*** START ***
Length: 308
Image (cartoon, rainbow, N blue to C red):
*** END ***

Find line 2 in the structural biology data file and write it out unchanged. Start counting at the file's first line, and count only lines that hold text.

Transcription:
Image (cartoon, rainbow, N blue to C red):